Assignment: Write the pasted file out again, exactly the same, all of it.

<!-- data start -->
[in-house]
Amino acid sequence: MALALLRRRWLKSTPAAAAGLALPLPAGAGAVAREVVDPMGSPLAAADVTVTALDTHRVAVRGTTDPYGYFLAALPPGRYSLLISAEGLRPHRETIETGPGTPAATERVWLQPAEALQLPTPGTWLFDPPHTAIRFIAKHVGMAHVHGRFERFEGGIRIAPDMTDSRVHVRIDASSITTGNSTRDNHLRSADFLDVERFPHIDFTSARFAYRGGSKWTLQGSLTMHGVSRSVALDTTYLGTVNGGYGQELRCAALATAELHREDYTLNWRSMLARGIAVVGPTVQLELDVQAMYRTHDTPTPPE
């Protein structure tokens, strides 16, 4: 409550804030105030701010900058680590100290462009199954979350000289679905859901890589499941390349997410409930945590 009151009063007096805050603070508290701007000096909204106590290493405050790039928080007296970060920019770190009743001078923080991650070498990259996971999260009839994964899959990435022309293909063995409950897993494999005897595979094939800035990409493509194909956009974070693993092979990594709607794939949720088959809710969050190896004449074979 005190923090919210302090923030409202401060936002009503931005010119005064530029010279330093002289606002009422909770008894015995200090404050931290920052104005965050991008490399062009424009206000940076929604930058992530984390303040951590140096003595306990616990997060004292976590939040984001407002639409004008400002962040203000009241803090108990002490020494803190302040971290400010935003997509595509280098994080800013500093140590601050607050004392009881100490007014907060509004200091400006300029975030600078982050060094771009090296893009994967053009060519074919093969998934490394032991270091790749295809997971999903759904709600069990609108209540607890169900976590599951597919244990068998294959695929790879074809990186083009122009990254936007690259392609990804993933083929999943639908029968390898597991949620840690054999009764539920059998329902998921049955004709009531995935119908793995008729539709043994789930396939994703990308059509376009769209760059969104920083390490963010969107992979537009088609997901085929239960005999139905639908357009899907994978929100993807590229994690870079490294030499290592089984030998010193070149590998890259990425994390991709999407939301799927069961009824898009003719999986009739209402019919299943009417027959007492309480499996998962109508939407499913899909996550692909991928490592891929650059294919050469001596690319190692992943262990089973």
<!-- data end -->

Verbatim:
[in-house]
Amino acid sequence: MALALLRRRWLKSTPAAAAGLALPLPAGAGAVAREVVDPMGSPLAAADVTVTALDTHRVAVRGTTDPYGYFLAALPPGRYSLLISAEGLRPHRETIETGPGTPAATERVWLQPAEALQLPTPGTWLFDPPHTAIRFIAKHVGMAHVHGRFERFEGGIRIAPDMTDSRVHVRIDASSITTGNSTRDNHLRSADFLDVERFPHIDFTSARFAYRGGSKWTLQGSLTMHGVSRSVALDTTYLGTVNGGYGQELRCAALATAELHREDYTLNWRSMLARGIAVVGPTVQLELDVQAMYRTHDTPTPPE
């Protein structure tokens, strides 16, 4: 409550804030105030701010900058680590100290462009199954979350000289679905859901890589499941390349997410409930945590 009151009063007096805050603070508290701007000096909204106590290493405050790039928080007296970060920019770190009743001078923080991650070498990259996971999260009839994964899959990435022309293909063995409950897993494999005897595979094939800035990409493509194909956009974070693993092979990594709607794939949720088959809710969050190896004449074979 005190923090919210302090923030409202401060936002009503931005010119005064530029010279330093002289606002009422909770008894015995200090404050931290920052104005965050991008490399062009424009206000940076929604930058992530984390303040951590140096003595306990616990997060004292976590939040984001407002639409004008400002962040203000009241803090108990002490020494803190302040971290400010935003997509595509280098994080800013500093140590601050607050004392009881100490007014907060509004200091400006300029975030600078982050060094771009090296893009994967053009060519074919093969998934490394032991270091790749295809997971999903759904709600069990609108209540607890169900976590599951597919244990068998294959695929790879074809990186083009122009990254936007690259392609990804993933083929999943639908029968390898597991949620840690054999009764539920059998329902998921049955004709009531995935119908793995008729539709043994789930396939994703990308059509376009769209760059969104920083390490963010969107992979537009088609997901085929239960005999139905639908357009899907994978929100993807590229994690870079490294030499290592089984030998010193070149590998890259990425994390991709999407939301799927069961009824898009003719999986009739209402019919299943009417027959007492309480499996998962109508939407499913899909996550692909991928490592891929650059294919050469001596690319190692992943262990089973």